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did egypt leave us?

01/28/2021 03:59:38 PM

Jan28

Rabbi Jeffrey Myers

In this week’s Torah portion, B’shalach, the Exodus occurs followed by the crossing of the sea. In ensuing portions, we witness the initial challenges that Moses faces as a leader, as this brand new nation of people, having lived under slavery for over 350 years, do not yet know what it means to be free. They complain that life was better back in Egypt, as they had food, lodging and ample fresh water. Somehow the sting of the whip of the cruel taskmasters had quickly been forgotten. Despite the glorious revelation at Mt. Sinai, they continued to express mistrust and disbelief, highlighted by the report of ten of the twelve spies sent to reconnoiter the Promised Land who state that they will be unable to live there, in contradistinction to the promise God made initially to Abraham and Sarah, renewed with Moses and the Israelites. This led to the wanderings in the wilderness for forty years, until that generation that lacked trust and faith, died off, with their descendants, who were not born in Egypt and thus never knew slavery, able to inherit the land promised to their ancestors.

The Israelites may have been freed from slavery, but was slavery freed from them. If all you knew was slavery, and then you are suddenly freed, how might you react? The Israelites lacked the skill sets necessary to live as a free people, despite God’s continued Presence to guide and encourage them. They were physically free, but mentally and spiritually, they were still back in Egypt. They left Egypt, but Egypt had not left them.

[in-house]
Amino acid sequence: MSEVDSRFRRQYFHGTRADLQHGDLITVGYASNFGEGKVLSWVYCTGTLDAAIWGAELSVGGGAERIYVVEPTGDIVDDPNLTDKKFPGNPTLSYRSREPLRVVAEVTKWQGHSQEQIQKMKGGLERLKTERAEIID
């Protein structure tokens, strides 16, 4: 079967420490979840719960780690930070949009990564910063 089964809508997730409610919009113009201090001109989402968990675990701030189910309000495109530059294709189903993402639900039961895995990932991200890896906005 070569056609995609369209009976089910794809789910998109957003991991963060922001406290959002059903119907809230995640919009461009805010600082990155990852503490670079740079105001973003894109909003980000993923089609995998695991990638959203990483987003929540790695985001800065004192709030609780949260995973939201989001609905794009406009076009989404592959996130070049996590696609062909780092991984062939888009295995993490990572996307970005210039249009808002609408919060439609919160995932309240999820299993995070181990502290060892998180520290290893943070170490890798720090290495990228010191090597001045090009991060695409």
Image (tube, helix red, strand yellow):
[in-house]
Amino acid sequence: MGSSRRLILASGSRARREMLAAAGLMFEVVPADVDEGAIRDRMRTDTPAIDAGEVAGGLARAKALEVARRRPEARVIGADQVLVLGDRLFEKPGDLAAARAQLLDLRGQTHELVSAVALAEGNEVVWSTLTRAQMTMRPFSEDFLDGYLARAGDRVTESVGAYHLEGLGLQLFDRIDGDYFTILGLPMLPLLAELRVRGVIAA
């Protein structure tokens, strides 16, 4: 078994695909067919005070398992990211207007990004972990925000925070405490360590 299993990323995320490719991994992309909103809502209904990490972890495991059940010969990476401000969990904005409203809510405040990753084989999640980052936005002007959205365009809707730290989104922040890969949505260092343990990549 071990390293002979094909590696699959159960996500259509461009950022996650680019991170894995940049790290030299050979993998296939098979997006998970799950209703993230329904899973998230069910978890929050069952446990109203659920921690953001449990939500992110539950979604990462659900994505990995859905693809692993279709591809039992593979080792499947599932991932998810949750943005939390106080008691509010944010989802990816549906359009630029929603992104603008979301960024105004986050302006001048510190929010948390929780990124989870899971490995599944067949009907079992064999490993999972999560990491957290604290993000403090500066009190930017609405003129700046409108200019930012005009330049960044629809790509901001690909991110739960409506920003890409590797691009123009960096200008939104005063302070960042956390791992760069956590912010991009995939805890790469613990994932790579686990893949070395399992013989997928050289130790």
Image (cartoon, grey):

Are we truly free people? We have frequently heard the phrase “a slave to_____”, and when I did a quick search, there were far more words than expected: righteousness (Romans 6:18); fashion; the clock; the job; money. There are many more, but you get the drift. We are not necessarily as free as we think we are. Epictetus was a Greek Stoic philosopher who lived during the years 50-135. He wrote the following: “No man is free who is not master of himself.” He knew what he was talking about since he was born a slave. The Rabbis of the Talmud understood this as well, for they ask the following question in Pirkei Avot (Ethics of the Fathers): Who is mighty? The one who controls his inclinations.

Despite general recognition of how abhorrent human slavery is, it continues unabated throughout the world, with humans still abducted and sold into slavery, street walkers who are slaves to their pimps, people who seek freedom and pay enormous sums to supposed helpers who ship them to freedom only to learn that they are not free but still have to work off the payment as slaves, and people, particularly children, who labor in factories and farms that are not paid a living wage.

While we might think that there are things that enslave us, in the end, it is up to us, as we do have freedom of choice with regards to those things. While there are things that we cannot control, options such as how we live our lives, how we treat other people, and how we treat ourselves are choices that we are free to make. When we yield to those things that enslave us, then we are truly slaves. When we can take control, then we have truly experienced the Exodus from Egypt and can say that we are free.

Sun, February 28 2021 16 Adar 5781